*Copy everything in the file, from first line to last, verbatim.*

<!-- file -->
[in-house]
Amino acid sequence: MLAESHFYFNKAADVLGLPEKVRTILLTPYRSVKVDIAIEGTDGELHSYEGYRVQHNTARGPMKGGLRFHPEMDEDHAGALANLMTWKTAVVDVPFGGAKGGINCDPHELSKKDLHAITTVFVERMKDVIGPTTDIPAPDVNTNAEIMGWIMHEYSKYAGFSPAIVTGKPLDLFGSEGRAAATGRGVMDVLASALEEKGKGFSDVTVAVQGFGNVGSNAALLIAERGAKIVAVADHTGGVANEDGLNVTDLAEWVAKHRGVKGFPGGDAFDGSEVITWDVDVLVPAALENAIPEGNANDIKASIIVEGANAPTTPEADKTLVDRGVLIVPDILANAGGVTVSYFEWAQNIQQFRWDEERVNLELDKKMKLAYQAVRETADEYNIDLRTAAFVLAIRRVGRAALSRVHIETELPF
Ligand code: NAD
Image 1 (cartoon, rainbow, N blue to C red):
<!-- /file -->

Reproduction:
[in-house]
Amino acid sequence: MLAESHFYFNKAADVLGLPEKVRTILLTPYRSVKVDIAIEGTDGELHSYEGYRVQHNTARGPMKGGLRFHPEMDEDHAGALANLMTWKTAVVDVPFGGAKGGINCDPHELSKKDLHAITTVFVERMKDVIGPTTDIPAPDVNTNAEIMGWIMHEYSKYAGFSPAIVTGKPLDLFGSEGRAAATGRGVMDVLASALEEKGKGFSDVTVAVQGFGNVGSNAALLIAERGAKIVAVADHTGGVANEDGLNVTDLAEWVAKHRGVKGFPGGDAFDGSEVITWDVDVLVPAALENAIPEGNANDIKASIIVEGANAPTTPEADKTLVDRGVLIVPDILANAGGVTVSYFEWAQNIQQFRWDEERVNLELDKKMKLAYQAVRETADEYNIDLRTAAFVLAIRRVGRAALSRVHIETELPF
Ligand code: NAD
Image 1 (cartoon, rainbow, N blue to C red):